Yes, but not for those reasons. You do not want to store wet clothes in a plastic bag for more than an hour or so. Instead you want something made of a modern fabric that will wick away moisture. Why are you traveling with liquid shampoo? If your wine bottle breaks a plastic bag will not help.
Agree. Muji sells some and they have a good travel option when it’s in stock.
Travel tray: To keep hotel keys, sunglasses, change, watch, wallet, and other stuff that’s otherwise easy to leave lying around your room. Available at all price ranges, such trays can be unbuttoned at the corners so you can pack them flat. I love mine.
I have a Tom Bihn model that is multipurpose as a packable bag for tech kit.
Plastic utensils: A spare set of plastic knives, forks, and spoons will come in handy when you have to stay somewhere too sketchy for room service. More advanced colleagues travel with nutrition bars.
Agreed, though I include chopsticks (also useful in unexpected non-food ways), a thermal bottle, and a collapsable water bottle. I level up with a foldable plate/cup/bowl set. Instant coffee and tea sachets are great when you can get hot water.
Clear travel washbag: Regulation sized, of course.
Yes, but …
In addition to hotel-sized toiletries, you need a compact, concentrated shaving cream.
No. If you’re traveling to a modern hotel they will have shaving cream. Better, find a dry shaving soap one can lather up with a washcloth.
Travel accessories: A plastic receipts folder, noise-canceling headphones with jack adaptors, plug converters, and spare charging cords. I usually keep extra collar stays in my bag and a cheap pair of ribbon knot cufflinks if I ever mistakenly pack a French-cuff shirt.
Yes!!! Also, a lapel pin and tie clip. Bring some duct tape or similar for de-linting clothes (and quick repairs), a sewing kit, and a shoe polishing cloth.
Roll, Don’t Fold: Remember to pack clothes by rolling them, not folding them.
Also, pack a small collapsible umbrella because it will rain if you don’t.
This varies based on destination. I would not bring an umbrella to Japan. Not because it won’t rain, but rather because one can buy a better-than-average one in a konbi for little. On an NYC trip and I will definitely bring my own.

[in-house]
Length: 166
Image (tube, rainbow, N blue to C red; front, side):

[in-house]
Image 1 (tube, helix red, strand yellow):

What to wear when you travel?
That is the question.
When I have to travel light, I usually wear a pair of my suit trousers. They have side adjusters to loosen them when I try to rest, and their wool generally breathes.
I travel with a pair (or two) of modern performance trousers that can work in a business casual environment. The company that made mine lost its way, so I’ll link to a resource to help you find something else). I’ll usually wear one on the plane.
I may wear the jacket on the plane as the pockets are useful for travel documents and other essentials.
Pockets on the plane or train or other conveyance are key. I often wear a travel blazer on board.
However, instead of a dress shirt, I usually wear a fine-gauge knit, which is more comfortable and softer than a woven button-up.
When I travel, I often take only a single pair of shoes, something laceless and made with a rubber sole. Laceless because airports and planes can be filthy, and it saves time having to remove and put them on again at security (which is why I also keep a small shoehorn in my bag). Rubber-soled because you never know if it will rain while you’re traveling.